I've tried searching for this on the internet but have not found a fitting solution so far.
We offer internet access to our clients via a hotspot solution of an external company. They supplied us with a small PC that creates a tunnel to their servers on the internet and presents itself as a normal router (dns-server, dhcp-server, gateway) to the client devices.
If a client tries to access the internet and is not logged in then instead of whatever page they try to surf to a login page is displayed. The check whether a client is logged in or not is done via the MAC address of the client, so it is important that the server sees the MAC of each client.
Currently we have 8 access points. All of them running OpenWrt and all set up as dumb APs with the hotspot SSIDs bridged to the network the server is connected to.
My big problem is that while I can tick the box so that clients are isolated per access point they are of course still able to see the clients connected to other access points.
I was thinking about removing the bridge and instead doing some magic in the firewall settings so that clients of the hotspot SSID can only access the IP of the server and nothing else. But doesn't that create separate networks and the server would only ever see the MACs of the access points?
So basically what I'm asking for is if there is a solution where i can limit access of all clients to the IP address of the server while keeping the ability that the clients' MAC addresses actually reach the server. And can this be done without changing any configuration on the server?
Some managed switches support L2 port isolation schemes; this allows you to restrict traffic between ports even on the same VLAN. Here's an example howto for Zyxel enterprise class switches of the scenario you're describing; presumably this would work if you connect your APs to the vendor's server via this switch. (Note this feature is not available on the GS1900 series I have, which is more of a SOHO-class switch. Obviously you'd need to research that a switch can do what you want before buying it.)
It's not clear to me that there's anything you can do with ebtables on the APs that would prevent wireless clients on different APs and the same subnet from ARPing each other via the switch fabric.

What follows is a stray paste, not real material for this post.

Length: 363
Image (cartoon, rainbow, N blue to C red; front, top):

However, I think you could use ebtables to accomplish it on an OpenWRT supported switch without investing in a potentially expensive enterprise L2 switch; but I have not tried this. If I'm not mistaken it would require a switch supported by DSA, so that each switch port can be treated as a separate interface without recourse to VLANs. Again, the goal is Layer 2 port isolation on the switch that is shared by all APs, such that the APs cannot reach each other at the ethernet frame level; they can only reach the upstream provider's router. (If the APs are not on a common switch it might get trickier depending on your exact topology.)
It's more a question of why you would want to use VLANs. They don't contribute to the solution in any way I can see, more an unhelpful complication. All you want to do is -- on the switch that links the AP to the uplink, if no one has a better idea -- say at the L2 level, "all the ports in a certain set can to talk to this other port, but not to each other". And VLANs don't help with that.
Edit: for completeness, VLANs will put your APs on different networks; from the provider upllink and/or from each other. You don't want that; they are on the same network and you don't want to mess with that. You just want to isolate them from each other on the switch at Layer 2 while still allowing them to interact with the uplink.
Yes, but the APs don't have separate cable runs to a central location. I have 4 simple smart switches daisy-chained together and already using VLAN to separate three different networks. And the 9 different APs and the hotspot server are connected to the respectively closest switch. One VLAN is for managing the APs, one VLAN is connected to the "internal" SSID and one VLAN is connected to the hotspot SSID.
So I'm going to use VLANs anyway if I'm going to use a central OpenWrt device like you suggested.
And they are only separated into different networks until they are bridged at that central OpenWrt device where some kind of ebtables magic is hopefully able to prevent inter-bridge communication.
I don't see the difference to using DSA where I would need a device with 10 ports AND a managed switch with 10 ports just to temporarily make all of those VLANs untagged and then join them back together in a bridge. Okay, the difference is a lot more money, but from a software standpoint it should be the same.
Okay, as I said, was making some simplifying assumptions about your topology. I can't make solid enough inferences about your situation from that description to contribute further.
BTW I wasn't suggesting both a managed switch and a DSA-capable OpenWRT device, rather using the latter in place of the former, since you'll be able to run arbitrary commands on it. But again, it sounds like you've got some complexity built into your present design that affects this in ways I can't really guess at.